Ten years later, Brynn returns to the university to teach and, hopefully, restore her dignity and reputation. That proves to be difficult, though, for Cody is now the football coach for the Dukes, and Rex is the manager of a rival team. Soon, Brynn is caught up in the action between the alpha males again – the clash of pads, the shimmer of pompoms, and the lust of healthy athletes. Rex uses her guilt to get close to her, but it’s Cody who’s the most dangerous. This time, he’s determined to score – and score big.
When I finish a big project like a full-length novel, the time afterward is interesting. 75% of me is thrilled to just get caught up on daily life. I’ve straightened the house and even cleaned the carpeting. I’ve restocked the refrigerator and sworn to get back to eating healthy (no more Monster cookies to “help” me write). I’ve hit the gym and gotten a massage.
But my creative side is churning again in the pleasant way. When I get deep into a book, the creativity is very focused and intense. Right now, I’ve got random story ideas bouncing around my brain. I’m considering what project to pick up next. Do I dive straight into Courting Gossip (the next Courting book!) or do I squeeze a shorter project in there first? Should I work on getting some of my older titles back on the market? Should I put some blogs together?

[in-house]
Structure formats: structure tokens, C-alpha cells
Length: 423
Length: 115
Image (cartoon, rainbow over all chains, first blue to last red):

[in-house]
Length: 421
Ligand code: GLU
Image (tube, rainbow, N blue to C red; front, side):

It’s a short breathing time before my next deadline, but I think it’s important. How do you refresh and regroup after you’ve completed a major milestone?
Or at least it’s off to the editor… In the meantime, this is me.
I can see the end of the book. It’s in sight. One more week, and I should be able to return to the real world, and Courting Suspicion can move along its way to becoming a real book. I love Josh and Nina, I really do. They have such a complex relationship.